i was reading a clash of kings

A-Z Book Recommendation

I heard @macrolit​ started a trend of A-Z Book Recommendations? I may be late to this party but it looked like fun, so here are mine!

(Much to my chagrin I had to cheat on Q and Z; and V is also a bit of a cheat since I haven’t actually finished reading the book yet. On the other hand I did manage to get through it without repeating an author. Enjoy.)

  • The Archer’s Tale by Bernard Cornwell (also published as Harlequin). An adventurous historical fiction novel diving into the life of an English longbow archer in 14th c Europe
  • The Book Thief by Markus Zusak. One of my favorite books of all time; I sob like a baby every single time I read it. By turns heartwarming and heartwrenching, it tells the story of a young girl growing up in Nazi Germany, stealing books and finding escape and solace in reading. It is beautiful and unusual in its style, narrated by Death and painted in vivid imagery.
  • The Chimes by Anna Smaill. A moving and strange dystopia novel about a world where memories have been destroyed and people communicate using music.
  • Dune by Frank Herbert. A powerhouse science fiction novel, Dune is at once a space opera, a political thriller, and a study in religion and survivalism.
  • L’étudiant étranger by Philippe Labro. An autobiographical novel about the sometimes comedic, sometimes serious experience of Labro’s life as an exchange student at a US university.
  • The Fellowship of the Ring by J.R.R. Tolkien. I’m sure this one needs no introduction - the entire Lord of the Rings trilogy remains, in my opinion, one of the best books ever published, and debatably the best fantasy epic of all time.
  • The Girl with the Dragon Tattoo by Stieg Larsson. A very dark but smart and exciting crime novel.
  • A Heartbreaking Work of Staggering Genius by Dave Eggers. It’s more accurate to say that I experienced this work than that I read it. Part autobiographical, part stretching the factual truth to tell an emotional one, part wild invention, this is the story of Dave and his little brother, Christopher, making their way in the world after the death of both their parents. It is stylized and designed to pull the rug out from under you, toss you out of your comfort zone, and it’s either insane pretentiousness or exactly what it claims: staggering genius.
  • Incarceron by Catherine Fisher. A futuristic fantasy novel about a living prison, the society that built itself inside, and those on the outside living a lie. A fascinating world to dive into.
  • Jonathan Strange & Mr. Norrell by Susanna Clarke. A massive brick of a book but well worth the time for the subtle and detailed world building. It takes place in a slightly different England, where magic was once a fact of life but has long been relegated to a purely theoretical field, until Mr. Norrell teaches himself how to be a practical magician.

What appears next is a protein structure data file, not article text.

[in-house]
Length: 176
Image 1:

• Kidnapped by Robert Louis Stevenson. A thrilling adventure story, following the journey of a young boy who ends up caught in the power struggles of 18th c Scotland.
  • The Lightning Thief by Rick Riordan. I don’t care how old I get or how many books he publishes, Rick Riordan will always make me laugh, and I was raised on Greek and Egyptian mythology, so I always adore seeing Riordan play with sticking the gods in the modern day world.
  • The Martian by Andy Weir. Even if you’ve seen the film, the book is still well worth a read. Weir’s story about a man stuck on Mars is both dramatic and funny.
  • The Necessary Death of Lewis Winter by Malcolm Mackay. The choppy style of this book can get on my nerves, but it’s a fantastic and smart crime novel that somehow gets you rooting for a professional hitman.
  • One Flew over the Cuckoo’s Nest by Ken Kesey. A tragic but moving and at times inspiring dive into the oppressive and cruel world of psychiatric care in the 1960s.
  • Pnin by Vladimir Nabokov. A series of vignettes about an exiled Russian professor told through the eyes of an unreliable narrator.
  • The Heretic Queen by Michelle Moran. Although she takes great liberties in the realm of historical accuracy, Moran’s Ancient Egypt is nevertheless a compelling and exciting world.
  • Raising Steam by Terry Pratchett. I could’ve listed any Discworld book on here because I have yet to read one I dislike, but I did particularly enjoy Raising Steam’s dip into steampunk and the Industrial Revolution, and its relationship with the fantasy life of Discworld
  • Station Eleven by Emily St. John Mandel. A story about a Shakespeare troupe in a post-apocalyptic world, so I was basically destined to love this. It follows the story of several different characters before, during, and after a near-extinction level plague, tying together the different narratives.
  • The Tragedy of Arthur by Arthur Phillips. Written as if it were an autobiography, this is the story of a man whose father, imprisoned as a con man, leaves him what seems to be a lost Shakespeare play when he dies.